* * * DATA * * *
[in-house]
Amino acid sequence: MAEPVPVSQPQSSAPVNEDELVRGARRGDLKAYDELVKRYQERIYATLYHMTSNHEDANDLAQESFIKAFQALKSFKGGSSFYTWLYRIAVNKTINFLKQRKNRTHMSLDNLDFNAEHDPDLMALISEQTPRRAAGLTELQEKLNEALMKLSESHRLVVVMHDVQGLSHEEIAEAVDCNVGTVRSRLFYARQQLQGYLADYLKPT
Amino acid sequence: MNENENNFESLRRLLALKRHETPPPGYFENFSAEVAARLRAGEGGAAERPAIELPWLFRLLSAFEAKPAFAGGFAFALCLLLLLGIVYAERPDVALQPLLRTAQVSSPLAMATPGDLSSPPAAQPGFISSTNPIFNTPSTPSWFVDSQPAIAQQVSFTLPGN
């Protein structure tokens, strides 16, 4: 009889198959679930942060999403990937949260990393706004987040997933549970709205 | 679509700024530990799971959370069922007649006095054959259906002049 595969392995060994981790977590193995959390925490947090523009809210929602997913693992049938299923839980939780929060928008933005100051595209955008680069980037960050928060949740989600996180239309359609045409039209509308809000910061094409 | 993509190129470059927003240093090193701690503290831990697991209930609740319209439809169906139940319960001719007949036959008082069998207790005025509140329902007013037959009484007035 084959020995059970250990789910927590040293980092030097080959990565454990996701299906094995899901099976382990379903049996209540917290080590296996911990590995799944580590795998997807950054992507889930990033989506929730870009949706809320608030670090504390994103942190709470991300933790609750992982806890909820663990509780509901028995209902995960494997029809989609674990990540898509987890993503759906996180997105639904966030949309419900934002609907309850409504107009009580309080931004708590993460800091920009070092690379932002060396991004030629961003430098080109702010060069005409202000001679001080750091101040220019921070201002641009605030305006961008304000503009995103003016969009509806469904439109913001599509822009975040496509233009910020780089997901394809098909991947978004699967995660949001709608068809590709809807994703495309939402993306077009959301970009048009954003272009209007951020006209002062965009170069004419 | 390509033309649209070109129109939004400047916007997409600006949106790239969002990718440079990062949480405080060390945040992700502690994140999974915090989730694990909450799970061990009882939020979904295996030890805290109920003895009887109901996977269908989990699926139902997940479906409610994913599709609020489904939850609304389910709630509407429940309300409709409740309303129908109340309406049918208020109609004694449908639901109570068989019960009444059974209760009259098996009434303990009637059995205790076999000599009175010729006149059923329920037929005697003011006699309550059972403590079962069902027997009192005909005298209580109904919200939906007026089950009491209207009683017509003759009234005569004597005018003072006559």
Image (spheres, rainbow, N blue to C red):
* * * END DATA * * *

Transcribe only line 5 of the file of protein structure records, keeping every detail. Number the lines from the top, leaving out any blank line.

Image (spheres, rainbow, N blue to C red):